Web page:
Top 31 Slang For Boycott – Meaning & Usage

When it comes to expressing dissent or taking a stand, language plays a powerful role. Boycotts have been a form of protest for decades, and understanding the slang associated with this act can add depth to your activism toolkit. Join us as we break down the top slang terms for boycott that you need to know to navigate the world of social movements and consumer activism with confidence. Get ready to level up your vocabulary and stay informed on the latest trends in protest culture!

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1. Blacklist

To exclude or boycott someone or something, often for negative reasons. When someone is blacklisted, they are intentionally left out or ignored.

  • For example, “After the scandal, the actor was blacklisted from Hollywood.”
  • In a discussion about unfair business practices, someone might say, “We should boycott companies that use child labor and blacklist them.”
  • A person might warn others by saying, “Be careful, that company has a history of bad practices and should be blacklisted.”

2. Cold-shoulder

To intentionally ignore or disregard someone, often as a form of punishment or protest. Giving someone the cold shoulder means refusing to acknowledge their presence or interact with them.

  • For instance, “After the argument, she gave him the cold shoulder for days.”
  • In a situation where someone is being rude, a person might say, “Just ignore them and give them the cold shoulder.”
  • A friend might advise, “If someone is not treating you well, it’s okay to give them the cold shoulder.”

3. Give the cold shoulder

To intentionally ignore or snub someone, often as a way of expressing disapproval or displeasure. Giving someone the cold shoulder means refusing to engage with them or acknowledge their presence.

  • For example, “She was upset with her friend and decided to give her the cold shoulder.”
  • In a situation where someone is being rude, a person might say, “Just give them the cold shoulder and don’t let it bother you.”
  • A person might advise, “If someone is treating you poorly, it’s best to give them the cold shoulder and distance yourself.”

4. Ice out

To exclude or ostracize someone, often as a form of punishment or protest. When someone is iced out, they are intentionally left out or isolated.

  • For instance, “After the disagreement, the group decided to ice him out and not invite him to any events.”
  • In a discussion about toxic relationships, someone might say, “If someone is not treating you well, it’s important to ice them out and prioritize your well-being.”
  • A friend might advise, “You deserve better, so don’t hesitate to ice out anyone who brings negativity into your life.”

5. Shun

To intentionally reject or avoid someone, often as a way of expressing disapproval or disagreement. Shunning someone means refusing to associate or interact with them.

  • For example, “After the betrayal, she decided to shun her former friend.”
  • In a conversation about standing up against injustice, someone might say, “We should shun companies that support unethical practices.”
  • A person might advise, “If someone is consistently disrespectful, it’s important to shun them and surround yourself with positive influences.”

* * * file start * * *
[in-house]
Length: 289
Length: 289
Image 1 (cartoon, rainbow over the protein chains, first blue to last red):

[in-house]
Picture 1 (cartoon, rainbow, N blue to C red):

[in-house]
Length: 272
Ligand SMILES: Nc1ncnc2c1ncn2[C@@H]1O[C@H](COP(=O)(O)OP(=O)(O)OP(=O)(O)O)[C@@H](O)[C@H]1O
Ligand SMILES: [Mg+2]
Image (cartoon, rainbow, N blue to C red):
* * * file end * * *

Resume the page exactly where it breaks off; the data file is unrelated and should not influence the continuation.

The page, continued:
6. Avoid like the plague

This phrase is used to emphasize the strong desire to avoid or stay away from something or someone, similar to how people would avoid the plague in fear of getting infected.

  • For example, “I’m going to avoid that party like the plague. I heard it’s going to be boring.”
  • Someone might say, “I avoid going to that restaurant like the plague because their service is terrible.”
  • In a discussion about a disliked celebrity, a person might comment, “I avoid watching any movies with that actor like the plague.”

7. Ban

To ban something means to officially or formally prohibit or forbid it, often due to moral, legal, or safety reasons.

  • For instance, “The government banned the sale of cigarettes to minors.”
  • A person might say, “I’m going to ban myself from eating fast food for a month to improve my health.”
  • In a discussion about a controversial book, someone might argue, “The school board wants to ban this book from the curriculum due to its explicit content.”

8. Censure

Censure refers to the act of expressing strong disapproval or criticism towards someone or something, often in an official or formal manner.

  • For example, “The committee censured the politician for his unethical behavior.”
  • A person might say, “I censure the company for their poor customer service.”
  • In a debate about a controversial decision, someone might argue, “The public needs to censure the government for their lack of transparency.”

9. Exclude

To exclude means to intentionally leave out or omit someone or something from a group, activity, or situation.

  • For instance, “The party excluded people who didn’t RSVP.”
  • A person might say, “I feel excluded from the team because they never invite me to their social events.”
  • In a discussion about a club’s membership criteria, someone might argue, “The club shouldn’t exclude people based on their social status.”

10. Refuse

To refuse means to decline or reject something, often due to personal reasons, disagreement, or dissatisfaction.

  • For example, “He refused to accept the job offer because he didn’t agree with the company’s values.”
  • A person might say, “I refuse to eat at that restaurant again after getting food poisoning.”
  • In a negotiation, someone might state, “I refuse to settle for anything less than what I deserve.”